THE POSTER CHILD

So I've been puzzling over this one for a bit, trying to come up with a witty segue from introduction, into how I really feel about this topic. In short, I can't, so I'll just get it out there and we can move on without having to read between the very thinly veiled lines.


I think online poster companies are a waste. If you are turning to them as your first point of call for your art needs, you seriously need to up your game. You aren't doing yourself or your interiors any favours by buying these uninspired, mass-produced prints just to have something hung on a wall. It's art only for the sake of filling a gap.


I get that art is transformative, and that it's better to have something on the walls than not, but when did we opt for a mass produced posters in a skimpy frame as the only economical option? And, when did a poster that four-thousand other people own become art?


I understand that that might be easy for me to say, as a designer that has the resources and budgets at my disposal, to buy and frame exactly what I need for a particular space. However you'd be wrong. I'm not saying I don't have these budgets, but more often than not, the art budget is the first to be chopped and you have to think of other ways to add in this layer that doesn't involve picking a poster with a free frame thrown in.

So what is the issue with these framed posters you ask?

Primarily, I would say that they defeat the purpose. The main aim of having art, or for the sake of this conversation, having anything on the walls, is to add depth, help with layering, create engagement, and very often help to inject elements into a space that perhaps budget wouldn't otherwise allow.


Turner Pocock | Christian Bense


For example, you may be renting a stock standard new-build and the timber frames and linen mounts on the walls might be the much needed injection of warmth in an otherwise clinical, and soulless environment. A snap of a vintage car bonnet and a skinny black frame isn't going to do that. These posters honestly do more to detract from a space than add.

Secondly, the pieces you chose to display should be personal, and if they aren't personal or have sentimental meaning, at least should show consideration to the space they are adding to. A purchase from an online poster company adds none of this. I mention in a previous post #thesuitespot how to prevent your home feeling void of personality. These posters do nothing to help make your personal mark.

Third thing, art should always have a sense of uniqueness or exclusivity. Artists have "editions" for a reason. I can tell you now, the main reason people queue for the Louvre isn't to see the great brush work in the Mona Lisa, they queue because there is only one of her on earth, and they get to tick that off a bucket list. There is nothing unique about a picture of a pineapple for £3.95. It's not the medium of a poster I have an issue with, it's the content, or lack there of.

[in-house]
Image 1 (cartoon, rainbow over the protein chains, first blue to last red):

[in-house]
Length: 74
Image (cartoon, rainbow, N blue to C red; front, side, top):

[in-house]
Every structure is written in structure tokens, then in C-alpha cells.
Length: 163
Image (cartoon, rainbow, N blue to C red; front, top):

And finally, these online stores aren't the be-all and end-all for an economical and convenient solution. One of my favourite pieces I own is a page I cut from a book and taped to a picture frame I found on the street. The total cost £0. Time spent, probably less than two minutes.


So where to from here?

Be personal. Only frame or hang pieces that are personal to you, have a story to them or pieces which were actually created by you. That page from a book I mentioned above, that was a page from a coffee table book I brought with me from South Africa. It got water damaged, and rather than tossing the book, I cut out my favourite pictures and had those framed. It didn't cost a thing, but its a better story than "these were on sale."

The same way you layer a room for depth, with rugs sitting on floors, sofas sitting on rugs and cushions sitting on sofas etc etc, treat art the same way. If you are going to frame something, like a photograph for example, which is essentially a glossy piece of paper, go for a mount or float the picture over a backing board. That way you will get another layer within the frame, thus adding depth. Mounts are super cheap and easy to buy and there are loads of online stores that you can customise the sizes, and the cut-outs of the mounts to fit exactly. Don't make excuses, this isn't rocket science.


Window Mount | Float | Deckled Edge


If you're on a budget but are done staring at blank walls, rather spend the money on a quality frame than using a discount code you found on Instagram to buy a couple of posters. Zara Home, Habitat and West Elm have an amazing selection of well priced frames in all sorts of great finishes. Chuck in a postcard you've picked up from literally anywhere, and you are already miles ahead from where you would be if you settled for an oversized Ampersand or a meaningless quote from a deceased artist or spiritual guru.

Last thing - don't be lazy. If you have managed to renovate a house, move all your furniture, and deal with all the other curve-balls doing up your house/room throws at you, don't fail at the last hurdle. This shit makes all the difference.

Turner Pocock | Christian Bense | Studio Ashby


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